Warner Settles With Spitzer in Payola Probe

Warner Settles With Spitzer in Payola Probe
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First Sony, now Warner.
New York State Attorney General Eliot Spitzer announced a second settlement with a record label associated with a payola investigation by his office; Spitzer said Warner Music Group agreed to stop providing radio stations with financial incentives and promotional items in exchange for airplay and pay $5 million to Rockefeller Philanthropy Advisors, a music appreciation charity created in part by the initial Sony settlement earlier this summer.
Payments, the attorney general's office said, included direct bribes paid to radio programmers, as well as payments to the radio stations to buy airtime or to cover the stations' operating expenses. The allegations are similar to the ones leveled against Sony BMG Music Entertainment.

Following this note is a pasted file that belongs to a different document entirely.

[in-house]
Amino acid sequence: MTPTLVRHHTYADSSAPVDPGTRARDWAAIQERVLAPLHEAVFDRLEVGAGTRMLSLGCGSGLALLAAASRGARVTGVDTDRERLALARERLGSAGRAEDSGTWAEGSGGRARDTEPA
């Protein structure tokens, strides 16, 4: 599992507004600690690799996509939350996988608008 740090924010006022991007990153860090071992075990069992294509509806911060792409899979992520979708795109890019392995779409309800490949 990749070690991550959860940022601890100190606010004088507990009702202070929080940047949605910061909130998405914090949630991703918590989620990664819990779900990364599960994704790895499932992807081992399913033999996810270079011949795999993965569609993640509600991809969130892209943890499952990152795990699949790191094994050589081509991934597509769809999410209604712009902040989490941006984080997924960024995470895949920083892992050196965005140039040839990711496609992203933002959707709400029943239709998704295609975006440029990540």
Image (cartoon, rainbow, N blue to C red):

Warner issued this statement: "We consider this to have been a valuable process. From our perspective, radio cannot be too consumer-driven. The music that people hear on the radio always should represent the highest quality the industry has to offer."


Avoid the Payola Police

During 2005, the issue of payola received more public attention than at any time since the "pay-for-play" record scandals of the late 1950s.